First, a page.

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The Natchers
The Natcher Family in Pennsylvania, 1790 to Present

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Natcher is an unusual name, probably German in origin. There have been Natchers in the United States for over two hundred years. Michael Natcher lived in Harrisburg, Pennsylvania at the time of America's first census in 1790. Another Natcher, Balzar, also lived in Dauphin County at that time and was the only other Natcher in the state. Living in the Michael Natcher household were Michael and three females. Census information collected is pretty sparse for that first census; it was intended only to count the population and the eligible male voters. The census forms had columns for five categories of people:
1) Free White Males age 16 and upwards (including Head of Household)
2) Free White Males under age 16
3) Free White Females (including Head of Household)
4) All other free persons, except Indians, not taxed
5) Slaves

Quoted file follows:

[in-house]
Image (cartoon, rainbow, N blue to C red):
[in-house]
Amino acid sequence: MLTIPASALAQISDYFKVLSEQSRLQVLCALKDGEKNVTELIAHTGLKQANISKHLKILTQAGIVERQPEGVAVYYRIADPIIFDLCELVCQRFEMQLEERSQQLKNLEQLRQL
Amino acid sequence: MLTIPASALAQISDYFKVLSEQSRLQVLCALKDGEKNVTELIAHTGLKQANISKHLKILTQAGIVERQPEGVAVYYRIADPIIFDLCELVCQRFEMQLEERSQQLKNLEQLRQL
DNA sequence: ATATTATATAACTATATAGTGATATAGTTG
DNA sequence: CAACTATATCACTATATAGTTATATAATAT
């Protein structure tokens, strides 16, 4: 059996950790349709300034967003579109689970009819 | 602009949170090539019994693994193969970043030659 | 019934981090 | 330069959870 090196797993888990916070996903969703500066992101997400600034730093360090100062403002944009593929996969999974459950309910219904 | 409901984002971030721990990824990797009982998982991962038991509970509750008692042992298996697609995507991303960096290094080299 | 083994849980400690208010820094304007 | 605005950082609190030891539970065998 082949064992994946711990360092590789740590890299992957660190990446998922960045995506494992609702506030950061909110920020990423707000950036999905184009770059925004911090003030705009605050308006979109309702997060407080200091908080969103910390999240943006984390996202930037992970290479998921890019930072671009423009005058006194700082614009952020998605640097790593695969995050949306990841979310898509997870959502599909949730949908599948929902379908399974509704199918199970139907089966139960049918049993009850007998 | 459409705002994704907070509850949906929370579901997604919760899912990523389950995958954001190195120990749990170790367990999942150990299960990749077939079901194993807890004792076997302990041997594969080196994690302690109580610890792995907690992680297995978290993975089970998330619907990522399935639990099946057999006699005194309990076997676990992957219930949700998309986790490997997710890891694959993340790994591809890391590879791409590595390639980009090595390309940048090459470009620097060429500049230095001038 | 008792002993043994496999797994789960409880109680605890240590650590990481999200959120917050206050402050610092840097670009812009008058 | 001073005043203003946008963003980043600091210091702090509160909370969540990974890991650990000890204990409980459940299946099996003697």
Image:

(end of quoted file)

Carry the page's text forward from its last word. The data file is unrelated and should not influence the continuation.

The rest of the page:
In 1800, Balzar has disappeared from Pennsylvania. I have seen a reference for "Baltas" Natcher in Ohio and am trying to track him down. Michael is still living in Harrisburg (his last name is spelled Knatcher in the census record.) His household contains 3 boys under the age of 10, 2 females under 10, one female aged 16 to 26 and one female over 45 years of age. Michael is between 26 and 45 years old. My assumption is that the household contains 5 children, his wife and his mother or mother-in-law. Michael died before December 1810, which is when his minor son Rudicil appealed to the Orphan's Court in Cumberland County for the appointment of a guardian. Rudicil declared that he was a minor above the age of 14 and in need of a guardian. The court appointed Jeremiah Miller as guardian over the "person and estates" of Rudicil Natcher. I have been unable to find any Natchers in the 1810 census. It is likely that Michael died before the census was taken that year. His sons were not old enough to be heads of households and would have been included in the count with other families. There is a Jerimiah Miller in Carlisle in Cumberland County, but Rudicil is not living in his household at the time the census was taken. Even though Jeremiah Miller was appointed Rudicil's guardian, he might have lived with one of his brothers or another family. Guardians seem to have been appointed for the purpose of guarding the child's legal and financial interests, not necessarily having physical custody of the child.